What an linguistically awkward decade this has been, moreso than probably any other since the 11th century. Overstatement? Maybe. But with regards to years, the last ten have shifted us away from our normal numeric naming system for the first time in our lives anyway. What is normal you say?
Before 2000, when was the last time years were called by their full numeric phrasing (eg. 2001=two thousand one; 2008=two thousand eight) as they were during the last decade? Sure, none of us were even a sparkle in our great, great grandparents’ eyes, but I’d venture to guess it was 1009? We can at least agree based on movies, television and school books, that from 1100 until 1999, the year names were separated into two halves (eg. 1173=eleven seventy-three; 1984=nineteen eighty-four). Remarkably, it was at least a thousand years minus 10 of people saying ##-## and we still dislodged it with “two thousand”? Granted, “twenty-oh-oh” or “twenty-hundred” doesn’t quite have the smooth ring to it.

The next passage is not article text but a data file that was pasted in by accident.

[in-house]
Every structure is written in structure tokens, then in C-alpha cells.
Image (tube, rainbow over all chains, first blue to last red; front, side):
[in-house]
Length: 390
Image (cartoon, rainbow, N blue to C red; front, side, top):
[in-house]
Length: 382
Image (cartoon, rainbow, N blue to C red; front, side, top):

Thankfully, ten years into the century, we’re finally able to go back to what’s normal. Say it with me: 20-10, 20-10, 20-10! That’s right! I was happy to see that I wasn’t the only one irritated by the dichotomy presented in the last decade. Still, there are a few resisters and likely will be for the next couple years. But think about these and say them to yourself:
Hopefully you’ll agree with me and end the decade of abnormality.